The hidden history of indigo pigment

I am so glad that we did another seaweed natural dyeing workshop in class, and it really has widened my horizon of how capable natural creation could be. So in Sasha FIsherman’s workshop, I chose egg yolk as my natural binder, and I took a photo right after I added a pinch of the indigo pigment powder which I found the colors and the texture look so great together. The mixture was pretty thick to be honest, I guess I should have added some water into it to make it smoother. Not being what I expected, the color turned out into a seaweed green instead of blue, but I like it a lot because Sasha mentioned this indigo pigment powder is made from seaweed, so the green color actually reminds me of its origin. And the mixture smells like sea and farm haha. Also, I drew some seaweed on my notebook too.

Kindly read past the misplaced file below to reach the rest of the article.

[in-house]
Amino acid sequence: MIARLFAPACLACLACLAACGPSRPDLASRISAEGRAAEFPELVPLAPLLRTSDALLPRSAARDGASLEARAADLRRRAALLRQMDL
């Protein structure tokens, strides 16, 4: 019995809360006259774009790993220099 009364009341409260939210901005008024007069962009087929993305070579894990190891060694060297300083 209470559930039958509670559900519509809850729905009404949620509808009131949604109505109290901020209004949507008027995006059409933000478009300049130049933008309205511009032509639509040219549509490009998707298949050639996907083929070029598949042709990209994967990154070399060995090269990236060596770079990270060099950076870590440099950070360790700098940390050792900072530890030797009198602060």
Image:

The fact that seaweed could be made into indigo pigment powder actually surprised me as I always think plants that have sharp colors could be used for natural dyeing. Therefore, I looked up for the history of indigo pigment. In an article “The Hidden Histories of Indigo”, indigo pigment could be traced back to ancient India during the Greco-Roman period in which India started to produce indigo and products of it for international trade. Back then, indigo was rare and expensive. Later in the 6th and 7th centuries, Indigo was introduced to Japan through the silk road. However, the history of indigo could be traced back way back to 221-220 B.C. which is the Qin and Han Dynasties. It is amazing how just a color pigment has a long history and development since thousands of years ago.